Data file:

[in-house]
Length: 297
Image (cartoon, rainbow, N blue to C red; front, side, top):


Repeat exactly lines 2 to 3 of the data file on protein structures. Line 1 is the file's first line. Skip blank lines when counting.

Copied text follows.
Length: 297
Image (cartoon, rainbow, N blue to C red; front, side, top):